- The Washington Times - Monday, September 23, 2002

ABIDJAN, Ivory Coast France sent reinforcements and helicopters to the Ivory Coast yesterday to protect Westerners in the former French colony after a coup attempt threatened to tear apart West Africa's one-time economic powerhouse.
While the government readied a counterattack against rebels leading the country's bloodiest military uprising, thousands of people in Bouake, a central city controlled by coup forces, marched to declare allegiance to the insurgents.
"We are armed to the teeth, and there is no going back," said a rebel commander with the nom de guerre Samsara 110, speaking from Korhogo, a rebel stronghold in the predominantly Muslim north.
President Laurent Gbagbo's government has pledged an imminent offensive to drive out the insurgents.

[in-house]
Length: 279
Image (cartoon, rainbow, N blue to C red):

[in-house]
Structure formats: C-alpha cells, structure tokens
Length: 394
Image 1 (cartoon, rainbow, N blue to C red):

More than 100 American schoolchildren were caught up in the activity in Bouake, the country's second-largest city.
"We have approximately 160 U.S. citizens on this campus, mostly children," Michel Cousineau, business manager and security officer at the International Christian Academy, told Reuters news agency by phone from the city. The pupils in the boarding school included children of missionaries working across West Africa.
French transport helicopters and a reported 100 French troops landed in Abidjan, the commercial capital, early yesterday to reinforce the about 600 troops stationed there. France said it deployed the troops to protect the nation's 20,000 French citizens and other Westerners.

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